In France protesting the sentencing of Pussy Riot can earn you time in the slammer.
Last year, the government of France passed a law banning the wearing of face covering in public. At the time, it was obvious that the law was sparked by anti-Muslim sentiments, and couched in the language of freedom for women. This week, the true consequences of that law were revealed when several people protesting the sentencing of the Russian band Pussy Riot, were arrested for the crime of wearing balaclavas.
About 30 demonstrators gathered outside the Russian consulate in the southern French city on Friday to protest against the trial of members of the feminist group famous for wearing bright dresses and colourful balaclavas.
But police swooped on about seven wearing multicoloured face-masks in solidarity with the band, reported La Provence. Asked why the police had stopped the demonstrators who had been standing peacefully behind a banner about the power of poetry, a senior officer told the newspaper: “They are wearing balaclavas in a public space. It’s illegal.” He said the demonstrators would be questioned and a report written.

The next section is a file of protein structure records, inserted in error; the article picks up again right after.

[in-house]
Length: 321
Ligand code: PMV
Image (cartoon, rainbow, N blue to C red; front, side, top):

The people arrested in Marseille even acquiesced to the police request to remove the offending material, and were still detained.
The Marseille protesters – including poets, a book editor, and a former culture official – who had removed their masks at police request, were put in a riot van and driven to the nearest police station amid cries of “Absurd!” and “Ridiculous!”. They were released that afternoon. Under the law, the case can be referred to a local judge who can hand down a €150 fine, a citizenship course or both.
So, people who are peacefully protesting can be sentenced to attending a citizenship course. It seems to me that these seven people were showing the true meaning of citizenship by peacefully protesting, and should be instructors at any such course.